3. What changes in the workplace have you seen for employees, and what do you see changing in the future?

Over the years, what I've noticed most is a real lack of civility to one another. Whether it is posting snarky online comments about a co-worker or sending nasty e-mails, or gossiping about someone or even bullying another person, a lot of stress for workers seems to have produced some unattractive behavior. Diverse workplaces have contributed to these problems, because many companies offer no training about how to deal with different cultures, races, genders, religions or sexual orientations on the job. I have received some letters from readers that really stun me with their bigoted comments and venomous words.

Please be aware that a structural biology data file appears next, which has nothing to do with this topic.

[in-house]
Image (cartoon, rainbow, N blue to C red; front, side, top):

It's hard to predict what's going to happen in the future because these unprecedented economic traumas are going to affect a wide group of people from all industries and salary levels. I do think that we're going to see baby boomers stay in their jobs longer than ever before because of financial concerns, and that means the younger workers are going to have their plans for advancement impacted.

I've been interviewing experts lately for my Gannett News Service/USAToday.com column, and what they're saying is that we're going to have companies asking salaried employees to work longer hours, offer little or no bonuses or pay raises, reduce employee benefits and offer less flexibility.

4. What are the five most annoying traits employees have?

I haven't take a scientific survey, but based on the hundreds of bosses I've interviewed over the years, I'd say some of the most annoying are:

  1. failing to write things down;
  2. gossiping;
  3. constantly interrupting the boss;